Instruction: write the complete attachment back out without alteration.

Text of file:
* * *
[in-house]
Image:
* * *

[in-house]
Image: